Chronic fatigue syndrome is arguably one of the most misunderstood conditions in medicine. Between 1 million and 4 million people suffer from the disabling disorder, yet it's often not recognized by physicians as a real disease.
Jose Montoya, MD, a professor of infectious disease, is a leading specialist in the field. He has been treating patients for more than a decade and has been studying the underlying mechanisms of the disease, which is also referred to as myalgic encephalomyelitis, or ME/CFS.
Recently, Montoya and Mark Davis, PhD, director of Stanford's Institute for Immunity, Transplantation and Infection, published a study linking the disease to variations in 17 immune system proteins, suggesting that inflammation is a powerful driver of the condition. The findings could help in the diagnosis and treatment of this mysterious disorder. Montoya was interviewed by Stanford Medicine News about the latest research.
Q: You have worked with many CFS patients over the years. How does the disease impact their lives?
Montoya: It devastates their lives. It ruins their occupational, educational, social and productive activities. It turns upside down any hopes and happiness.
Q: What did you and your colleagues find in the latest study?
About seven years ago, we decided to design a study to answer the question of what the disease is. We knew we had to get a study with a significant sample size. We consulted with statisticians, and with their recommendation we came up with a sample size of 200 patients and 400 healthy controls. We analyzed their blood samples and found that there were 17 cytokines that track the severity of the illness and the patient's symptoms. Of these, 13 are pro-inflammatory. A cytokine is a small protein that the immune system uses to communicate with other cells. These cytokines can be protective, but they can also be harmful. That's where the issue is — it's a double-edged sword.
Q: What are the implications of the study?
Montoya: This is telling the world that we have finally a biological correlate for these patients' symptoms. These patients are not crazy. Our findings validate their symptoms — that their illness is real and has a biological basis. Now we know that this is something real, ingrained in the biology of the body and the immune system, that explains why these patients are so sick, we could end up with a blood test, but equally or more exciting, we can find drugs to conquer the disease.
Q: As someone who has worked in this field for so long, it must be very gratifying to have found some clear biological underpinnings for this mysterious illness.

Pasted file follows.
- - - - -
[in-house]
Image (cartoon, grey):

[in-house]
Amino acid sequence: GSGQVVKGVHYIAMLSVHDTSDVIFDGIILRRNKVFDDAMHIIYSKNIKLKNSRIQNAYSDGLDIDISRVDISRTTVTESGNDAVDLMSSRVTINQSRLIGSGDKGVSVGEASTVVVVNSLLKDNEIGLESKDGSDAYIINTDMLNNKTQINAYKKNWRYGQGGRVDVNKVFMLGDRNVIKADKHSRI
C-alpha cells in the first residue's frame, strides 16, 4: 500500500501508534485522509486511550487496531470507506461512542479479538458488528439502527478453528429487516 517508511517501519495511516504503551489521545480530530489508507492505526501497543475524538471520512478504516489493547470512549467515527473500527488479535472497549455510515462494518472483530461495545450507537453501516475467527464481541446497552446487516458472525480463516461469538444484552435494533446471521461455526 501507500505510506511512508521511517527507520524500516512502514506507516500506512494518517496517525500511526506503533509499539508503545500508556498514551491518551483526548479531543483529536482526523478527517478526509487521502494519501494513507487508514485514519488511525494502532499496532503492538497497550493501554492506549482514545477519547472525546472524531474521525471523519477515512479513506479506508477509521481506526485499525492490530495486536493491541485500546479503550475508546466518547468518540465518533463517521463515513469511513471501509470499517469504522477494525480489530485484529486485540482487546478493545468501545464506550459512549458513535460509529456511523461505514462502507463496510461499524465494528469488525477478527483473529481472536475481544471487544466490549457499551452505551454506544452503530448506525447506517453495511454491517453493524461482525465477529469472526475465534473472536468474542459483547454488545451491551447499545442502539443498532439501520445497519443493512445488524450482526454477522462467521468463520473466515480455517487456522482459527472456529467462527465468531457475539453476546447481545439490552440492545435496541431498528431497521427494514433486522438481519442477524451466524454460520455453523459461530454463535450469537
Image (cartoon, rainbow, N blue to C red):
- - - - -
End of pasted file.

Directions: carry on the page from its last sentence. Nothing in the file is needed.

Montoya: I was ecstatic. It was a sunny morning in California. We have the routine of meeting weekly to review new results. When I saw that, that was like a eureka moment. It was clear to me that morning that we had something big in our hands. We were able to measure something in the blood, and it was tracking the symptoms.
Q: How might the study impact treatment?
Montoya: In a major way, possibly. People had suspected inflammation as the main driver of the disease, but the conventional tests had been normal. We now have other ways to measure inflammation that were not available five years ago, thanks to the efforts of Mark Davis and others. Now we can use those techniques to look for drugs and therapies that treat that inflammation.
Q: Could this lead to the development of a diagnostic test, and if so, how long might that take?
Montoya: That is something we are working on — a panel of tests that will tell that this patient unquestionably has the disease. Taking into account everything that goes on in the laboratory, I expect that to take one and a half to two years.
Q: What has been the response to the study?
Montoya: It's been huge — more than I anticipated. We have been receiving hundreds of emails a weekfrom patients, patient advocates, media and others. The one thing I was not expecting was the press coverage. It went truly wild. I don't like the spotlight. But that gave me the hope that these reports might be seen by groups working on drugs that precisely treat the inflammation. We are starting to see that. We are getting emails from pharmaceutical companies that say they have compounds that may counteract that inflammation. That would be exciting because that could lead to the first-ever targeted treatment for this disease.
We knew scientifically that this was a significant leap forward, but the important thing is, can we find that drug? There are other inflammatory diseases that have treatments that are effective, like lupus and rheumatoid arthritis. So now that the study has established it's inflammatory, we can look for those drugs that treat inflammation. I could die happy if I knew that was the door that was opened.